Lance Cpl. Zachary Allen, an infantryman with India Company, 3rd Battalion, 5th Marine Regiment, walks through a corn field during an operation, Nov. 23. Allen, a 21-year-old native of Fruita, Colo., and his fellow Marines stayed in the Southern Green Zone for more than a day to observe and hunt the Taliban. (Photo by Cpl. Ned Johnson)
FORWARD OPERATING BASE JACKSON, Afghanistan (Dec. 3, 2010) — Marines know that one of the most important things to Afghan locals is the security of their village, and sometimes providing them with that security means putting the mission of the Marine Corps rifle squad to use: “Locate, close with and destroy the enemy.”
Marines with India Company, 3rd Battalion, 5th Marine Regiment, conducted an overnight mission, Nov. 23, with a goal to kill the enemy and deny their ability to maneuver in the area.
“We want to push the enemy out, kill them, and deny them the ability to resupply,” said Sgt. David Doty, a squad leader with India Company, 3rd Bn. 5th Marines. “If we can do those things, it will make our job easier.”
The infantrymen set their sights on a few compounds where the insurgents often hide and shoot at the Marines. The Marines of first platoon quickly found the compounds and searched them for improvised explosive devices.
“We blew a hole in the wall and I sent in my dog, Mocha, to sniff for home-made explosives,” said Cpl. Jonathan Williams, a dog-handler with India Company. ‘”She found a bag that had 200 pounds of ammonium nitrate in it.”
The Marines cleared the area and then burned the bag to destroy its contents. At the next compound, Mocha found several IEDs. The Marines finished searching the compounds and began to move in a different direction when the insurgents unleashed an ambush from about 40 meters away.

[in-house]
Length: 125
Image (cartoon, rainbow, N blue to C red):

“Two squads started taking contact first from the northwest and then the south and the southwest,” said Sgt. Gregory Wenzel, 1st Platoon Sergeant with India Company, 3rd Bn., 5th Marines.
The Marines immediately began firing at the enemy and gained superior firepower. The fight intensified as Marines were under fire from medium-machine-gun and small-arms fire.
The Marines then played their trump card, calling in 60 mm and 120 mm mortars and close air support. An UH-1 Huey and an AH-1W Super Cobra fired hundreds of rounds, and a KC-130J ‘Harvest Hawk’ fired a Hell-Fire Missile.
Artillery Marines played their part as well, firing multiple GPS-guided shells.
The firefight lasted about two hours and killed an estimated 8-10 enemy fighters, said 1st Lt. Stephen Cooney, the executive officer with India Company, 3rd Bn., 5th Marines.
The Marines then resupplied their ammunition and patrolled to a different area and set up a makeshift patrol base.
Throughout the night, Marines monitored the local area for enemy and local activity, said Wenzel, a 26-year-old native of Altoona, Pa.
The Marines woke early Nov. 24, to patrol an area, which rarely sees Marines.
“We want the enemy to know that they do not own this area,” Wenzel said. “We also wanted to show the locals we are here to protect them.”
The Marines did not engage the enemy on the second day, but Doty says the operation was a success.
“Any mission where you kill the enemy and every Marine comes home safe is a good mission,” said Doty, a 27-year-old native of Mokane, Mo.
Marines completed the mission and returned to their base, but the warriors know they will be on patrol in the same areas again.
“We aren’t afraid to go anywhere and we want the enemy to know that we will continue to go after them because we aren’t afraid,” Doty said.
The Marines are going to do just that and continue to fight through every day.
“The environment is tough here—crossing waist-deep water and dealing with the cold,” Wenzel said. “But the Marines keep their head on a swivel, do what they are trained to do, and continue to get the job done.”